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TEN YEARS AGO
Friday January 11, 2008
Black takes open class title
Lachie Black from Campbeltown recently won the championship for the adult open class of the Oban youth motocross club.
At the club’s annual prize-giving held in Oban just before Christmas, Lachie was also presented with the Kenny Graham Memorial Trophy for the highest scoring Kintyre rider of 2007.
TWENTY-FIVE YEARS AGO
Friday January 15, 1993
Keeper is cup hero as Pupils march on
Shotts 0 – Campbeltown Pupils 2
The Campbeltown Pupils reached the fifth round of the national cup for the second year running by defeating Shotts in a hard-fought cup tie that was not for the faint hearted.
The Lanarkshire opposition was unbeaten this season, and fielded four reinstatements from the junior ranks.
They were oozing confidence before the vital clash, but, in the end, had to concede defeat to the more skillful and determined side.
Neil McKay was the Pupils’ hero by pulling off a string of terrific saves in the second half, as Shotts tried in vain to save the game.
FIFTY YEARS AGO
Thursday January 11, 1968
Ever been had?
It was round, they said.
It had large spikes protruding from its ‘body’.
It has landed amid the mud and cement of Campbeltown’s Grammar School building site.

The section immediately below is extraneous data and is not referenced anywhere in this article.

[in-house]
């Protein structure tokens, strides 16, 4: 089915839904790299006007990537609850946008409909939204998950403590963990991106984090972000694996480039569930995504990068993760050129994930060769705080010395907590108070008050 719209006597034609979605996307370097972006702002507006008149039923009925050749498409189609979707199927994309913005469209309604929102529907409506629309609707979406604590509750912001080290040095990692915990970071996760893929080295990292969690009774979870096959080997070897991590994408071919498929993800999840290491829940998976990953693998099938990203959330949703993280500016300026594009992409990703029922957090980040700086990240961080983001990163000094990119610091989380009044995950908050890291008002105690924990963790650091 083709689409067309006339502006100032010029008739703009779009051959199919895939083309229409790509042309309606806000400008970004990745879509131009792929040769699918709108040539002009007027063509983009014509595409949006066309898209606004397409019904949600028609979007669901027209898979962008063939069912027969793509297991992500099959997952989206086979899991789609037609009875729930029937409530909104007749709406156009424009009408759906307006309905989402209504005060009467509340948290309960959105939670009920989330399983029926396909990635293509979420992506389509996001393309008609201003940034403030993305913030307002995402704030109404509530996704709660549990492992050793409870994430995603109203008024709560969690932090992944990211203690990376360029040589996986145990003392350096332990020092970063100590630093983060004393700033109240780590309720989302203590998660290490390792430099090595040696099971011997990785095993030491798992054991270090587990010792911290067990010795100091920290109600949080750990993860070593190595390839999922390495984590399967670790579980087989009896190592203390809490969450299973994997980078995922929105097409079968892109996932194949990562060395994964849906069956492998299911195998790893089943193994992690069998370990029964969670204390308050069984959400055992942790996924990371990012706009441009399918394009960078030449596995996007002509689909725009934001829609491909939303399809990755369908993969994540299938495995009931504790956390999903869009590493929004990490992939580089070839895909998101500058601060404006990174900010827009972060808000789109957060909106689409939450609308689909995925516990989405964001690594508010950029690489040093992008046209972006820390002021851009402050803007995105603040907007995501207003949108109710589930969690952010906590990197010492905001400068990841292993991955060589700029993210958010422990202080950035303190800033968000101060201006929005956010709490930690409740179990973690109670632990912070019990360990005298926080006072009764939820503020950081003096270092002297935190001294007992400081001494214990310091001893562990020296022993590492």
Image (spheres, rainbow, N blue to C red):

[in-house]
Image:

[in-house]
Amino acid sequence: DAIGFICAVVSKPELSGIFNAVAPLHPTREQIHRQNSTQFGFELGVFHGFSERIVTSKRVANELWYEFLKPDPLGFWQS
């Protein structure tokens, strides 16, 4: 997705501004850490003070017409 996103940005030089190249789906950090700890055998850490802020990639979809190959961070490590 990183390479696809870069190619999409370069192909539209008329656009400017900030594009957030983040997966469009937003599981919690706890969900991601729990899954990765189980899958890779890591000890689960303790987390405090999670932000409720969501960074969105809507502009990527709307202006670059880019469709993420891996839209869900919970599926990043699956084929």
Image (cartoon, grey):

On the aforementioned information, a Courier reporter went hotfoot to the building site.
Some unidentified flying object had invaded Campbeltown.
Arriving at the general foreman’s office, our man was told that the ‘thing’ was lying behind some huts at the back of the site.
However, after a fruitless search of the area in a near snowstorm, the reporter made his way back to the general office.
‘You must be pulling a fast one,’ he said.
But he was assured the object was there and that a squad of electricians working at the school had discovered this ‘flying saucer’.
On his way back again, the reporter challenged an apprentice electrician and was told: ‘It rolled down that wee hill into the whin bushes’.
Off he went again, down into the gorse. After thoroughly convincing himself that the chances of the ‘thing’ lurking in the whins were equal to that of a snowball in hell, the battle-weary reporter trudged off once more to the now-familiar general office.
This time he was accompanied to the scene by the employee who had originally tipped him off about the discovery.
This time they went to Messrs Scott’s electricians’ hide-out.
The hut exploded with peals of laughter when the ‘sparks’ found out that their joke had gone so far.
Some wit among them had spread the word around the site that ‘it’ had landed.
ONE HUNDRED YEARS AGO
Saturday January 12, 1918
Young Campbeltown Pipers Successes
We are pleased to learn that Master Ronald McCallum, who is so well and favourably known locally as a bagpipe player, has competed at New Year events outside with a gratifying measure of success.
At a competition in the St. Vincent Masonic Hall, Overnewton, Glasgow, on January 1, he was awarded third prize for a two-part march, fourth for a Strathspey and reel; on January 3, in the Tannahill Hall, Paisley, he got third prize for Strathspey and reel; and on January 5, in the Bank Street Hall, Paisley, he was third for the amateur march and third for Strathspey and reel in the open piping event.
This is a most creditable record among such a large field of competitors, and Master McCallum, who is only 12 years of age, and the son of Mr Archd. McCallum, Millknowe Terrace, is to be highly complimented on his success.